When I was starting out in my first managerial role I was given a small library of books on management theory by a succession of well meaning friends and colleagues. Feeling obliged, I ploughed through the lot of them and discovered that there was little to distinguish between them, excepting the scenarios with which they illustrated their advice.
Some were thinner on practicalities than others and many were stuffed full of impenetrable jargon, charts and data. One had a bibliography almost as long as the text itself.
It was one of the more frustrating and unrewarding events of my nascent career.
However, two simple words struck me and stuck.
So I started to look at the way the most respected leaders in organisations worked with their people. Their presence, whether physical or otherwise was the single most striking characteristic.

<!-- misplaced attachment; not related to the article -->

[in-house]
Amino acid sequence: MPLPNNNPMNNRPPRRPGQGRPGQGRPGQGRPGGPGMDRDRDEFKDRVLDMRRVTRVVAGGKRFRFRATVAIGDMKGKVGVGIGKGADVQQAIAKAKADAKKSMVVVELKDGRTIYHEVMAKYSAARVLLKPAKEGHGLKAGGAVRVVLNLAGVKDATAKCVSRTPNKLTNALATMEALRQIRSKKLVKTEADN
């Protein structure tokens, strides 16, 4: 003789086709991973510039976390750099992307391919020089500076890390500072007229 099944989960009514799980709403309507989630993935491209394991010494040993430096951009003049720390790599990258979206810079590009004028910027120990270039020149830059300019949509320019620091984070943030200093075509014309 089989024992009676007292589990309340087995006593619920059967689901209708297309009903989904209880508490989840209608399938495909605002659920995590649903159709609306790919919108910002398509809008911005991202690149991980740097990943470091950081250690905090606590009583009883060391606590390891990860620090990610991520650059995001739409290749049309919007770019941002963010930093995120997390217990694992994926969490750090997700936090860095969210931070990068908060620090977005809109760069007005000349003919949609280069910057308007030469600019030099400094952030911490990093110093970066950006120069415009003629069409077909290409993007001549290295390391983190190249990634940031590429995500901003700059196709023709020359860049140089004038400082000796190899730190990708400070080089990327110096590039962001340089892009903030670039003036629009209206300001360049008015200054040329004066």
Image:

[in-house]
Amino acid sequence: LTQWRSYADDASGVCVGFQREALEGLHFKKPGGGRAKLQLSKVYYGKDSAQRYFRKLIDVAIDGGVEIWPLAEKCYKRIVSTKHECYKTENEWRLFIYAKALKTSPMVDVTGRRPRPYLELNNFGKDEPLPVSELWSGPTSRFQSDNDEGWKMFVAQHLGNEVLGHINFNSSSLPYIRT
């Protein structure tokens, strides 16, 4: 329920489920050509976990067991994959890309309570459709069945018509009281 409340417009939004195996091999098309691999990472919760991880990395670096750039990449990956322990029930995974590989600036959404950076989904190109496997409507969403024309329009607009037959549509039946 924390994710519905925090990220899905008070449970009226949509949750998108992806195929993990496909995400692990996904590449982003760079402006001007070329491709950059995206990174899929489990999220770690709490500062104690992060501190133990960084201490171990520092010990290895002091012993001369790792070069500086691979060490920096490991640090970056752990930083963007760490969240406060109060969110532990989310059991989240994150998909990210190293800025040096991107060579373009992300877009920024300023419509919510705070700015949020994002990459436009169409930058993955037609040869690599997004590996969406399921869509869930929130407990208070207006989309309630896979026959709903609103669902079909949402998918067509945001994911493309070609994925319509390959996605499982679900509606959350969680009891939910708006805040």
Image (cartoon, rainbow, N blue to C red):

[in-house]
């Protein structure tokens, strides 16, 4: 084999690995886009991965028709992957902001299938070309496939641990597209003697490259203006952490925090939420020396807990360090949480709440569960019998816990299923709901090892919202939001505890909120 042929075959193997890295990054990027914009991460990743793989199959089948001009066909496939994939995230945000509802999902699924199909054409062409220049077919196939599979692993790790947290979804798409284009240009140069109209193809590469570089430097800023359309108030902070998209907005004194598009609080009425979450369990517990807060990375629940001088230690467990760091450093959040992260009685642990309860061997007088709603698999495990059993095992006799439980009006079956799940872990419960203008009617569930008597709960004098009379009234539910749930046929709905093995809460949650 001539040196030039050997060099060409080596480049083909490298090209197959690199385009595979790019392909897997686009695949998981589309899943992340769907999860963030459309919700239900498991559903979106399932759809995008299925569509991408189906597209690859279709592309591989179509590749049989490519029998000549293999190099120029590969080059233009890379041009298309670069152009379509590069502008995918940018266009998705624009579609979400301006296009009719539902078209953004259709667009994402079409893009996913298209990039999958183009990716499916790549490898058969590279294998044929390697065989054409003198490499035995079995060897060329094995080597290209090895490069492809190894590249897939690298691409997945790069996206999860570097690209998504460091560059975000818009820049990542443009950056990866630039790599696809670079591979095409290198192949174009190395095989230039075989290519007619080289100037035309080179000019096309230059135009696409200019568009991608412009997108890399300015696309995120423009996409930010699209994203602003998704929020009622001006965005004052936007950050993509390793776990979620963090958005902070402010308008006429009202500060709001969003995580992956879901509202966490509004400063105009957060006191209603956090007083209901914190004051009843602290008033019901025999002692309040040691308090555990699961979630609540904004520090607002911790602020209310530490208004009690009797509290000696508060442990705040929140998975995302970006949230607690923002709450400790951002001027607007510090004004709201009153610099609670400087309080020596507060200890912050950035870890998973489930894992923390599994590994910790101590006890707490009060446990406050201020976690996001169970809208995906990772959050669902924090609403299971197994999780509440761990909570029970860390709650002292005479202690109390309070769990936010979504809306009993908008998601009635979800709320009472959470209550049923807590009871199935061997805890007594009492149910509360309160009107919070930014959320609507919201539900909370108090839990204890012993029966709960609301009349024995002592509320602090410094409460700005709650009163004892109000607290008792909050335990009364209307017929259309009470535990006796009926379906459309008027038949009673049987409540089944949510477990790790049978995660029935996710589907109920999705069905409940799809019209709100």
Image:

They met their people commitments. They made and started meetings on time. They made time and space for team and individual communication. They put aside personal feelings about personality to seek people-centred solutions. They delegated appropriately and without opacity. They gave space for individual creativity or innovation and spared blushes at glorious failure. By their presence they defined a culture that respected individual and team contribution. They gave constructive feedback in a timely manner. They paid attention to the whole person, not just outputs. They communicated targets with clarity.
People are messy. Complicated, contradictory, contrary and confusing. You can only see them fully by being present. An impatient, invisible, irascible manager does not see people. They merely see obstacles to the imposition of their will or that of the organisation.
They do not hear the nuance of what people are telling them. They fail the business and the people who make it function and who deliver profitability.
Ignore people at your peril or the one thing you’ll certainly be present for is your exit interview.